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An intervention is a carefully planned process that may be done by family and friends, in consultation with a doctor or professional such as a licensed alcohol and drug counsellor or directed by an intervention professional (interventionist). It sometimes involves a member of your loved one’s faith or others who care about the person struggling with addiction. During the intervention, these people gather together to confront your loved one about the consequences of addiction and ask him or her to accept treatment. The response: · Provides specific examples of destructive behaviours and their impact on your loved one with the addiction and family and friends · Offers a prearranged treatment plan with clear steps, goals and guidelines · Spells out what each person will do if your loved one refuses to accept treatment
When you reach out for help from a professional alcohol and drug rehab program, you begin the first stage of your recovery, treatment initiation. Whether you seek help voluntarily or you are forced by circumstances to enter rehab, your recovery process will begin with you beginning a professional treatment program. In the early hours and days of your rehab, you probably will have some ambivalent feelings about giving up your drug of choice permanently, and you may think that your substance abuse problem is not as bad as others. Beware. Ambivalence and denial can be your worst enemies in the first days of your recovery. Once you have committed to continue treatment for your substance abuse problem, you will enter the second stage of rehab known as early abstinence. Often the toughest stage to cope with because of many factors, including continued withdrawal symptoms, physical cravings, psychological dependence, and a host of triggers that can tempt you into a relapse. It is during this early abstinence stage that your trained addiction counsellor will begin to teach you the coping skills that you need to start to lead a sober lifestyle. The tools that you learn to use now will help you throughout your recovery.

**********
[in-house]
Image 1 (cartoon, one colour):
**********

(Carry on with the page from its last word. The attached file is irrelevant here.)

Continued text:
Most people know that treatment can help an addict overcome their addiction. But like many other diseases, it is often a winding road to get there. So, what are the steps to a healthier, drug-free life? Seek treatment. The first step to recovery is to decide to seek treatment. It’s hard for people to recognize or admit they have a problem, even when they are putting their lives – or the lives of others – at risk. It doesn’t help that the brain’s decision-making center impairs when under the influence of drugs or alcohol. Treatment may mean medications, behavioural counselling, or a combination of the two. Learn new habits. Relapse (or returning to drug use) is familiar with addiction and is an expected part of treatment. Returning to the people, places, or things associated with former drug use can trigger a relapse—before the addicted person is even aware of it. Behavioural therapy can teach the person in recovery to avoid these triggers and learn new coping skills so they can make better decisions. Take it one step at a time. Recovery takes time. Treatment works best when it is long-term, at least 90 days in most cases. And because people treated for drug addiction are vulnerable to relapse even after they’ve been off drugs for a long while, most treatment professionals would say that someone with a past drug or alcohol problem is “in recovery” for a lifetime.